Emerging Business Leaders, food trucks celebrate progress
blog by Ben Tsujimoto • November 15, 2011 @ 7:29am
It might be the perfect marriage of progress. Buffalo’s six food trucks, despite all the political drama that’s unfolded recently, have soldiered into November, desperate to eke out business before the weather deteriorates. While the progressive food scene has detractors, the food trucks have fostered a sense of community and vibrancy that Buffalo’s city streets have lacked—with Lloyd Taco Truck‘s rejuvenation of Main and Mohawk a prime example.
Food trucks? Meet the like-minded Amherst Chamber of Commerce’s program Emerging Business Leaders (EBL), young professionals committed to sharing ideas, improving local businesses and honing career skills. Celebrating its first anniversary Wednesday, the EBL has invited all six food trucks to vend at its outdoor party from 5 to 7:30 p.m. at Ciminelli Parking Lot, 350 Essjay Rd in Amherst.
“How cool is it that we fit into what [the EBL] is trying to do?” asks Christopher Taylor, owner and operator of The Roaming Buffalo, rhetorically.
You’re saying, “OK, great—there are going to be food trucks and young professionals in a parking lot.” Well, it’s a little more accommodating than that.
“It’ll be tailgate style,” Caitlin Campbell, Director of Advocacy and Communications for the Amherst Chamber of Commerce said. “We’ll have heaters, blankets and chairs.” All they’re missing is a bonfire and s’mores.
The only cost of admission is a canned good that will be donated to the Food Bank of WNY—the six food trucks will also donate 10% of their proceeds to the same charitable organization. If you needed more incentive to attend, the first 500 people to drop by will receive a plastic stadium cup courtesy of EBL and a gift bag from Northtown Automotive.
Sean Macaluso, founder of social media company Mac Groups Inc. and advisory board member with the EBL, was the driving force behind uniting the food trucks with the EBL’s one-year celebration.
“I grew up with Pete [Cimino, co-owner of Lloyd Taco Truck], and they’re singin’ our tunes,” Macaluso said. “I wanted them to be a featured part, and [all of the food trucks] were really receptive.”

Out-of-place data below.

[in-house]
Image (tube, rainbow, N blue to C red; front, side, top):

Macaluso also expanded on the impact that Emerging Business Leaders has had on him. “[The group] really just lets be myself,” he said. “No one will judge you for who you are. All the people are under 39—it’s a lot easier to start conversation with someone your age. Loosen the tie, crack open a Red Bull and relax,” Macaluso says of the program’s mentality.
From the food truck owners’ standpoint, the gathering is a benchmark—this is the first time that all six food trucks have sold food together in one location. At the Dirty Girl race in Emery Park this summer, however, four trucks—Lloyd Taco Truck, The Roaming Buffalo, The Whole Hog and RnR BBQ—all successfully vended.
“It’s cool that we have events to work together at,” Taylor said. “All four were at the Dirty Girl, and that was a blast. There were over 7,000 people there, and one truck wouldn’t have been enough. I expect another big turnout on Wednesday.”
When asked if having all the food trucks in one location was at all an act of solidarity against the city of Buffalo’s Common Council, which expects to finally decide on regulations for food trucks by Nov. 30, Taylor said it certainly wasn’t.
“It’s not a move of solidarity at all,” Taylor said. “We’re really just showing what we could do for the city. How many stationary restaurants could cater for a large outdoor fundraising event?” On the truck, Taylor expects to have a special pot of Buffalo chicken wing soup cooked up for Wednesday.
For more information on Buffalo’s food trucks, visit the following links: